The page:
May lilies, or maiathemum, form a wonderful ground cover in the North Cascade Mountains of Washington in mid-April, and push forth their flowers in early May. They then last throughout the summer, completely disappearing by early October, as if they were never there. But for the spring and summer months that they enliven, they are a real joy, contributing immensely to the richness of the lowland and mid-level forests.
I have photographed these heart-shaped leaves in both color and black-and-white over the years, sometimes on my own property and nearby, and sometimes farther up in the mountains near my home. I found the cluster that I photographed here (in 1992) alongside a trail about seven miles from my home, but it easily could have been found right in my own backyard.
It was a tight cluster, with the shiny green leaves just as perfect as could be. The flower buds were standing straight up, fully formed and ready to burst open. This time, I chose black-and- white as my medium, for the color seemed less important than the richness of the silvery mid-tones that I felt could make the black-and-white image really sing.
Composing in the camera
Composing the image was no easy matter. There were a lot of leaves down there from which to choose. In essence, there were an infinite number of potential compositions. I settled on the in- camera cropping (seen in the straight print) to include the three clusters of buds: one at the lower right, and the others at the top center-left, and left side center. It seemed that the three formed an interesting triangular relationship. It also seemed to me that the edges were clean, with everything of importance contained, and no little pieces (of other leaves) just sticking into the frame. This is not easy, for in a subject like this, the edges can be maddeningly difficult, with important elements often cut off and unwanted items sticking into the image area. The composition looked really strong to me, and the resulting negative looked great, as well.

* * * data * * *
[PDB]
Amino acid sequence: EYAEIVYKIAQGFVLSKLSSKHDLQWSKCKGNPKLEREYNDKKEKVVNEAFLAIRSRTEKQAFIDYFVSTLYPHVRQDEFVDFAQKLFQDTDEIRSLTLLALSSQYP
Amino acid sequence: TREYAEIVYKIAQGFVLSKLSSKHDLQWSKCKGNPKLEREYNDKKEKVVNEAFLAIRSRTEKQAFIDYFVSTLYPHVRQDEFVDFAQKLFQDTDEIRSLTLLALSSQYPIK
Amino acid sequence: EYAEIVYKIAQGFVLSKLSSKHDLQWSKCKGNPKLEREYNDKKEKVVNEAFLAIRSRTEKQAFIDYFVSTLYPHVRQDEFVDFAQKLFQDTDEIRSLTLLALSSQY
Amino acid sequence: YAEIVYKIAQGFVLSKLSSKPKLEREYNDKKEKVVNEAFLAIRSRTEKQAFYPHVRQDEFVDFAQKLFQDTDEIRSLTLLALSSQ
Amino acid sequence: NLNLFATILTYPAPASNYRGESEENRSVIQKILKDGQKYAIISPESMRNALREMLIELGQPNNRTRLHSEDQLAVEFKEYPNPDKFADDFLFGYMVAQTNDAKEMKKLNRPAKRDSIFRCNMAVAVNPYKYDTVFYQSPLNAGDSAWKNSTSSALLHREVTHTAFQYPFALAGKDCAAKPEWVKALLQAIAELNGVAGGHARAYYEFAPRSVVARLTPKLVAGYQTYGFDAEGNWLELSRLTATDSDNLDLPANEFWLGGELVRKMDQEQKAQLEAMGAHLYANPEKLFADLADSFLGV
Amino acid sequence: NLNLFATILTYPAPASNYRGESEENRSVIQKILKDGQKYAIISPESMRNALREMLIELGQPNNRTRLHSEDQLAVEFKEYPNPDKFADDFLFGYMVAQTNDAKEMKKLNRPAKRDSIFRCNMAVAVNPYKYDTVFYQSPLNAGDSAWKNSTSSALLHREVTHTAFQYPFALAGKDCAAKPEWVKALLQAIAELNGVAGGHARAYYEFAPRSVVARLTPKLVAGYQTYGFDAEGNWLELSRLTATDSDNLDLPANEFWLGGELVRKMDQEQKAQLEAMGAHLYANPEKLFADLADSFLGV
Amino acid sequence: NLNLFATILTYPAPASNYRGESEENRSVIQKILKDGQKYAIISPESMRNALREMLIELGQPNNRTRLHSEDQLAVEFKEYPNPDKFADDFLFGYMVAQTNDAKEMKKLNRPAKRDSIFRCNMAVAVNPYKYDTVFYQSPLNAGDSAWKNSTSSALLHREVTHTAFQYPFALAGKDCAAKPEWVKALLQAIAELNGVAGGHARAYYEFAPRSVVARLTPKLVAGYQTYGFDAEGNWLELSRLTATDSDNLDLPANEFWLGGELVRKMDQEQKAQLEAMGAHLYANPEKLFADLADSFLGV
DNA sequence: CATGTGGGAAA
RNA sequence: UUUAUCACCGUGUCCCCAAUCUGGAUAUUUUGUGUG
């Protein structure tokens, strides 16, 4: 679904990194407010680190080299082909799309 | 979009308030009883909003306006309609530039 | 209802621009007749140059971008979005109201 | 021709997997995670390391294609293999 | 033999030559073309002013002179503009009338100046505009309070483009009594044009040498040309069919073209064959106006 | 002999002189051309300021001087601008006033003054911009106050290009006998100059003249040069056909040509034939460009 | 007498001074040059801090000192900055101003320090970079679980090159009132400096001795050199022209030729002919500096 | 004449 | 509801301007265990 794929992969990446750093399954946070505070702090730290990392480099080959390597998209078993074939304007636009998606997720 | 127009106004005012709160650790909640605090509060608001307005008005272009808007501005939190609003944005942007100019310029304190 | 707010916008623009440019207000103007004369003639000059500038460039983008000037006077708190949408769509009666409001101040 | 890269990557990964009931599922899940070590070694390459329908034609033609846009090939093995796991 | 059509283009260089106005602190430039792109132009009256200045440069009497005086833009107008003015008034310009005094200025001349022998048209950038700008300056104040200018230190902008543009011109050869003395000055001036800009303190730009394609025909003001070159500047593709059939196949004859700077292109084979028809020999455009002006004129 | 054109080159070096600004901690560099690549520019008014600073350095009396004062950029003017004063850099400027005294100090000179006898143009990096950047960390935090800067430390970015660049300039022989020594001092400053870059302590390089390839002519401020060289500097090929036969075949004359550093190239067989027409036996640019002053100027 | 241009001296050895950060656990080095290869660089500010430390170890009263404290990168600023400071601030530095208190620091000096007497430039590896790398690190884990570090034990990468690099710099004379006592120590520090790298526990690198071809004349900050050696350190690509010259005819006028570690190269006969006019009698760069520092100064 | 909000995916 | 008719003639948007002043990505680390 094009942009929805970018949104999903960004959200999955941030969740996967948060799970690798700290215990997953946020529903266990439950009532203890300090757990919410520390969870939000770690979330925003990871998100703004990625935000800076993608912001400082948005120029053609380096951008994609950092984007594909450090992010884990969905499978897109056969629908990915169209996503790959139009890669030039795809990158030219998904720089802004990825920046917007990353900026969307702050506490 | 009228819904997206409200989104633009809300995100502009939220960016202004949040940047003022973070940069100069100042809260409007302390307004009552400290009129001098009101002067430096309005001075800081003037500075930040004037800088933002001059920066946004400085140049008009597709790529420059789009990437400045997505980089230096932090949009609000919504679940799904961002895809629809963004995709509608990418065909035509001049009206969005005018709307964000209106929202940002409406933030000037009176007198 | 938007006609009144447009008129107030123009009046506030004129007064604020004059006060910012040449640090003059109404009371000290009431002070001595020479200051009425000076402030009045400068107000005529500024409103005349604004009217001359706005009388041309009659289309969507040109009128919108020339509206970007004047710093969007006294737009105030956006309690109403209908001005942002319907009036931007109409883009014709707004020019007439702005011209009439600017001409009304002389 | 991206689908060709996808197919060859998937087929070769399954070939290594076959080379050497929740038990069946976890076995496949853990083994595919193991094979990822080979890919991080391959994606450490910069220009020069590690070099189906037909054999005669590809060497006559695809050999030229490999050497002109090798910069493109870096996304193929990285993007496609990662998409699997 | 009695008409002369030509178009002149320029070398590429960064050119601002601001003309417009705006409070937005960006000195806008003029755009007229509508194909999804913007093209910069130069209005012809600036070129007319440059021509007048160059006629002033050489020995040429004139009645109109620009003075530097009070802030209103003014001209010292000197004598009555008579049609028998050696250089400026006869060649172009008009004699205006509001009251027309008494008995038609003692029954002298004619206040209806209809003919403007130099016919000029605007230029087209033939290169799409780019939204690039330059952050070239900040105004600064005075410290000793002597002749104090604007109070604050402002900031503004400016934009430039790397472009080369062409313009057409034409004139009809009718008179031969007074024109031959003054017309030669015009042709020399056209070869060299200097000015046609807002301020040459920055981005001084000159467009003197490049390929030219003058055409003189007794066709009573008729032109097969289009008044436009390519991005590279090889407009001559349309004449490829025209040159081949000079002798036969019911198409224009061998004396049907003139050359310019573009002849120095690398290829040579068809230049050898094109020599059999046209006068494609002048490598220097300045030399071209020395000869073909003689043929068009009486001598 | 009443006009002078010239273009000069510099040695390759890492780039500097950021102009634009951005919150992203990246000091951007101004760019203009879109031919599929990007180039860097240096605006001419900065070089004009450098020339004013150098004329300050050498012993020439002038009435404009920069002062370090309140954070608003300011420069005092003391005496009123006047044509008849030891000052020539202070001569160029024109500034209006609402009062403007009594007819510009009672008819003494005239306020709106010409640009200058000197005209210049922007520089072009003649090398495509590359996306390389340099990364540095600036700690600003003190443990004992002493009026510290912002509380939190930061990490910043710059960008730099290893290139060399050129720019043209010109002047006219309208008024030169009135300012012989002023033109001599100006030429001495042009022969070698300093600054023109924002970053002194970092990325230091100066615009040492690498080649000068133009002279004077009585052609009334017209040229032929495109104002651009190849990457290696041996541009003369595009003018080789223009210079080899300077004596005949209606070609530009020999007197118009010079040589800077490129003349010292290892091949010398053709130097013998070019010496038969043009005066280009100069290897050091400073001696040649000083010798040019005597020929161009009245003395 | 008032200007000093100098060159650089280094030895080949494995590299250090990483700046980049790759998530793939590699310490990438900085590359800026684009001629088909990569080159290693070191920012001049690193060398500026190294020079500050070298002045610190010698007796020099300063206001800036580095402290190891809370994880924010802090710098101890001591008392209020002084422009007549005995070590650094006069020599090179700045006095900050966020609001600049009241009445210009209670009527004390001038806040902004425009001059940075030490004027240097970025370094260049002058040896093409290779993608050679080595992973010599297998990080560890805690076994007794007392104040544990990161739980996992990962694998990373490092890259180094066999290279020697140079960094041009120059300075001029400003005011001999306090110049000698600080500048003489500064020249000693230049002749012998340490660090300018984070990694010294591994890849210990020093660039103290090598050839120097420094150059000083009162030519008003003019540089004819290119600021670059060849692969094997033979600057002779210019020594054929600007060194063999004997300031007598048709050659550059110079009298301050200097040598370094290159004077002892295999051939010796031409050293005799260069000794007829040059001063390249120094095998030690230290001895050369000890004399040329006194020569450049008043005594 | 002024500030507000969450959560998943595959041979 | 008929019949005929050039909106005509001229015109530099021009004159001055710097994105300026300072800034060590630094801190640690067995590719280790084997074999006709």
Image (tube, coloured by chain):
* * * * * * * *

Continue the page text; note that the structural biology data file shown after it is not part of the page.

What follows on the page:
photographed the may lilies with my 4×5 Linhof Master Technika camera, using a 210mm Fujinon lens and Kodak Tri-X film. To retain the best separations, along with strong mid-tones, I placed the deeper shadows of the underlying leaves in Zone IV (always the best shadow placement for good negatives…except when you need to place the shadows a bit higher on the scale for specific intent), then slightly increased the inherent contrast during my negative development by extending the development about 35% longer than “normal” development time (in this case, going from 61⁄2 minutes of development to 81⁄2 minutes).
But after studying the contact proof (on and off, for about 14 years!) I finally decided to overrule the choices I made in the field and crop it, eliminating two of the bud clusters. Somewhere along the way I began to feel that the full composition seemed somewhat random, with my eyes darting from one bud cluster to another. When I put my cropping L’s to the contact proof, retaining just the lower right set of buds, it made the image immeasurably stronger. Suddenly there was cohesion to the image that was previously lacking. (In the gallery-size 16×20 print that I made, there is an amazing dimensionality, as well, which can hardly be imagined from the magazine reproduction.)
To make the final print, I increased contrast slightly from that of the straight print, rotated the easel about 4° clockwise, dodged the shadowed portion of the bottom center-left leaf, burned the lower left corner slightly, the lower center just a bit more (to prevent the lighter parts of those leaves from becoming too glaringly bright), the lower right 1⁄6 of the image quite a bit and the extreme lower right corner a bit more, and slightly burned the two leaves at the top center and right. Finally, I do a very quick bleach of the single remaining bud cluster, using dilute potassium ferricyanide, just to brighten up the individual buds a bit.